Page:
The Literacy of the Irish

There’s no other way to talk about my other favorite part of How The Irish Saved Civilization than just to quote Thomas Cahill extensively. So here are some the best sentences of the whole book:

“Like the Jews before them, the Irish enshrined literacy as their central religious act. In a land where the old literate civilizations were sinking fast beneath successive waves of barbarism, the white Gospel page, shining in all the little oratories of Ireland, acted as a pledge: the lonely darkness had been turned into light, and the lonely virtue of courage, sustained through all the centuries, had been transformed into hope (p 164-65).”

And more:

“The Irish received literacy in their own way, as something to play with…Within a generation the Irish had mastered Latin and even Greek and, as best they could, were picking up some Hebrew. All this was fairly straightforward, too straightforward once they’d got the hang of it. They began to make up languages. The members of a far-flung secret society, formed as early as the late fifth century (barely a generation after the Irish had become literate), could write to one another in impenetrably erudite, never-before-spoken patterns of Latin…not unlike the languages J.R.R. Tolkein would one day make up for his hobbits and elves… (p 164)”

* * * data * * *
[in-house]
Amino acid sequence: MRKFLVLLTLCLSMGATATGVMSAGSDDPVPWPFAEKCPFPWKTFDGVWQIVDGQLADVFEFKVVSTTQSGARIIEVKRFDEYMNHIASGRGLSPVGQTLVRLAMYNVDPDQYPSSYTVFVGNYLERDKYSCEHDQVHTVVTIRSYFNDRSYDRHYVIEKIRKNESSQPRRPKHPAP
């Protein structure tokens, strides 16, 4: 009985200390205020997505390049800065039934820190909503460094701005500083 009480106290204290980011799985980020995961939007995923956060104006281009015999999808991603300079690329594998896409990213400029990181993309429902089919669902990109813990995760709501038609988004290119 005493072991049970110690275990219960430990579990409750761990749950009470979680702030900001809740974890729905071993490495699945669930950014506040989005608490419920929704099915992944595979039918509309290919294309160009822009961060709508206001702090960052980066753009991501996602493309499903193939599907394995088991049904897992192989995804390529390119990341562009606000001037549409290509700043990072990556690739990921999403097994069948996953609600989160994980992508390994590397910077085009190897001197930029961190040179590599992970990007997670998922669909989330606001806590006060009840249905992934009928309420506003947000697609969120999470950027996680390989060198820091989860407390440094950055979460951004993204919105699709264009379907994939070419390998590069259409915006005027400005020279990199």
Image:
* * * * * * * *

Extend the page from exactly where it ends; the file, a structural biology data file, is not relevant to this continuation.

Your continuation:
It just seems that they loved literacy, words, and writing so much that they couldn’t help themselves but to embellish, creating some of the most famous and beautiful written works of literature. And when I say beautiful, I don’t mean well-structured sentences. I mean beautiful — like decorative. Go look up the famous “Chi-Rho” page in the Book of Kells.

I thoroughly enjoy hearing about these funny, country scholar-monks going about their copy work with such gusto. I wish that I was always as enamored with the written word as they were.

New Art!

I’m pretty sure I’ve never purchased art in my life! Until now.

Decorating a house may be the biggest challenge that I’ve ever undertaken, as far as long-term projects go. And I’m not very good at it – at least I feel like I’m having to learn from scratch. I’m constantly asking myself:  “What’s my style? What do I want our house to ‘feel’ like? How do I not spend a lot of money on things that serve no purpose and will be out of style within five years???”

I’m learning new things every step of the way, and, while it’s a little fun, it’s also been a bit stressful.

When it came to actually finding things to put on the wall online, I pinned what I liked on Pinterest, and then proceeded to look at these particular pictures for months, just wishing that there was some way I could duplicate them myself for little or no money at all. I have a hard time buying things that aren’t practical. And art, as you know, has no practical value (or so I tell myself).

And then, after months of agonizing, I bit the bullet and bought them.

And today they came!! I haven’t been so excited for something to come in the mail for a long, long, time. Here’s what I ordered:

First Art Purchase Ever

First Art Purchase Ever

I can’t wait to get them up! There’s just one more coming for Iowa, and then I can frame and hang them. I’m from Montana, my husband’s from Iowa, and we live in Minneapolis. Perfect. I’ll show you how it turns out when I get everything framed and on the wall.